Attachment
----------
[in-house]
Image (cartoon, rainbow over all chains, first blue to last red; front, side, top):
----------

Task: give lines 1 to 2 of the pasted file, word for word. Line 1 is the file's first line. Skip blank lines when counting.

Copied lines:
[in-house]
Image (cartoon, rainbow over all chains, first blue to last red; front, side, top):